Healthcare Disparities (SOC)

by Tarry Ahuja, PhD

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    00:00 Let’s talk about our Healthcare System and some of the disparity that we see.

    00:04 Is everybody getting the exact access to care? Is it consistent across the board? And the answer is no.

    00:10 So, Healthcare disparity includes the population specific differences in the presence of disease, health outcomes and the quality of healthcare across different social groups.

    00:19 So, the disparity is seen across the following social factors.

    00:22 The biggest just being Socioeconomic Status.

    00:25 So, we know that as socioeconomic status increases, if you’re higher SES, access and quality healthcare increases.

    00:32 and the opposite holds through for low SES.

    00:34 There’s a better access as quality of healthcare tends can be found in affluent areas.

    00:40 If you live in a rich neighborhood, usually have better doctors, better resources, better hospitals.

    00:45 And poor living conditions with low SES, there is usually poor diet right? So, they’re not eating as well. And as a result that’s going to lead to poor health outcomes.

    00:56 And when we use that term health outcomes, we’re talking about over all health, we’re talking about the different measures that we would have weight, cardiac functionalities, different things that we’d attribute to you being healthy.

    01:10 Now, those in these low SES environments tend to have some in called Food desserts.

    01:15 And this is sociological turns thats thrown around representing the fact that there’s not a lot of market space with people selling fresh produce and a lot of grocery stores, just more on fast-food restaurants, place that you pop in and grab something burgers, fries that kind of stuff.

    01:31 And so, they not getting great home cook meals which again is going to lead to poor health outcomes.

    01:36 Lowest SES individuals take more on dangerous jobs or jobs that put their health at risk.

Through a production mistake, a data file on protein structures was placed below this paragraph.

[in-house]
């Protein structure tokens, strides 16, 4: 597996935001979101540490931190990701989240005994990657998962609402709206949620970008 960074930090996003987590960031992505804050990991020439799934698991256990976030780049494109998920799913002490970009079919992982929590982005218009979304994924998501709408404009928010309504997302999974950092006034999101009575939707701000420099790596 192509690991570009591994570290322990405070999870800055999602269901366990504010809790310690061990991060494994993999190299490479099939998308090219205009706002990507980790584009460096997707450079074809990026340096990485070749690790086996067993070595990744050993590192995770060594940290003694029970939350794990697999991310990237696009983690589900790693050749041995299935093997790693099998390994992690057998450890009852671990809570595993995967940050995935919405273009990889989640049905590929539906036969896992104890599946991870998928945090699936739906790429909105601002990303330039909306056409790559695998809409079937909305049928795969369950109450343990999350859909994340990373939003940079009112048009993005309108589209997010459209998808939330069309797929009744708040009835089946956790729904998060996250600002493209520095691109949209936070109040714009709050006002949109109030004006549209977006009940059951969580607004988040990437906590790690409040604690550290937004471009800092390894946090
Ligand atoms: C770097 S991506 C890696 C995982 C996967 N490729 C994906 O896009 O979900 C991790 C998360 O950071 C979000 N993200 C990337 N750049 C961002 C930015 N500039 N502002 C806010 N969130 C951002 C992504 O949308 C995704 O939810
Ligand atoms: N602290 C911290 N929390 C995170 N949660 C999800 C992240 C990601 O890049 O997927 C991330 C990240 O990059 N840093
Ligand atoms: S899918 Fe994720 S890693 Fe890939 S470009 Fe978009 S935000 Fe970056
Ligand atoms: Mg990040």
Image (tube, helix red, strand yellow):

01:42 They are going to take whatever job they can get. They don’t have the higher education And therefore, they a lot of manual labor medial jobs which can be harder on the body and a greater risk for injury.

    01:51 Low on the SES scale, they cannot afford extended healthcare or costly treatments.

    01:55 If they do get hurt, if they do get sick, they don’t have that extended coverage that allows them to get better care and they sometimes can’t afford the medicines and treatments that they actually need.

    02:06 Race is another contributor. And we know that visual minorities in the States we have the African- American’s, Hispanics and Natives.

    02:13 They tend to have higher morbidity, mortality and illness rates.

    02:17 Morbidity refers to expression of disease, mortality is death and in other illnesses.

    02:22 So, this same individuals have poor access to care and or quality care.

    02:25 and a lot of times race and SES scale go hand and hand.

    02:30 So, those that are at visual minority tend to fall lower on the SES scale.

    02:33 Not always but we’re looking at broad trans.

    02:37 In terms of gender, we’re looking at men who have a lower self- report of illness and use less healthcare resources.

    02:43 So, this is means after getting sick less, they just report at less. Therefore, using the system less.

    02:49 We also know that there’s a disproportion amount of resources and research sent around understanding diseases for men.

    02:56 So, that tends to be a lot of focus on a disease and the impact that men have and what is having on men.

    03:03 And so, the information, the rule out, the resources and treatments are we hang our hats serve on men as a subjects.

    03:13 So, we can see that obviously, not all parties within our social stratification have equal access to healthcare and different portions of our population have different levels of health.

    03:26 And so, depending on where you fall on that socioeconomic scale, gender or race that can be impacted.

    About the Lecture

    The lecture Healthcare Disparities (SOC) by Tarry Ahuja, PhD is from the course Social Inequality.

    Included Quiz Questions

    1. They increase.
    2. They shift to the next level.
    3. They decrease.
    4. They are unchanged.
    5. They diminish constantly.
    1. Poor living conditions
    2. Access to extended health care facilities
    3. Dangerous jobs
    4. Jobs with health risks
    5. A poor diet

    Author of lecture Healthcare Disparities (SOC)

     Tarry Ahuja, PhD

    Tarry Ahuja, PhD

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